How much time do you spend communicating? One study shows that the average American spends 70% of their active hours each day communicating verbally. That’s a lot of talking!
But is it really communicating?
As parents, it’s easy to give information to our kids and call that communicating.
Don’t forget to ……
Your dad will be there to get you at……
Remember, your game this week on …….
Of course, this information is important and must be shared, but true heart-felt communication is not just dispensing information.
Information is “getting out” the facts or the feelings.
Whereas, communication is “getting through” to someone on a deeper level. It is about truly hearing someone and in turn, being heard and understood.
I don’t have any facts to back this up, but I’m pretty sure that miscommunication is at the root of many of the conflicts you face in your family. Either someone heard it, but wasn’t paying attention; someone forgot to say it; or someone didn’t like the way someone else said it.
Let’s take a closer look at the messages you are sending when you communicate:
- What you mean to say. This is usually what you wish you’d said and often does not get said in the way that you wish because you respond too quickly or without much thought.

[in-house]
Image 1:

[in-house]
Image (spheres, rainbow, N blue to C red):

- What you actually said. This is often your first reaction, and if you are angry or hurt, you will most likely say something you regret.
- What the other person hears. This is most likely NOT what you actually said. Their hearing is influenced by their own emotions in the moment.
- What the other person says about what you said. If they are telling someone what you said, there’s a chance that they don’t remember exactly, they exaggerate, or they leave out some very key information.
See how muddy communication can be? It gets very complicated because communication is 30% what you say, but 70% how you say it. That’s why it is so important to work on communicating well.
If you feel that your family is arguing a lot, there’s a good chance that working on some intentional communication skills could cut down on the conflict. Things as simple as:
- Taking time to respond instead of react.
- Actively listening and giving your full attention, without judging or criticizing.
- Not interruping each other.
- Asking questions that allow them to express their feelings and opinions.
- Speaking with clarity–being clear about boundaries and expectations.
- Speaking respectfully to one another.
Author George Bernard Shaw says that the “Single biggest problem in communication is the illusion that it has taken place.” Just because people are talking does not mean they are truly communicating.
What can you do this week to strengthen the communication in your home?
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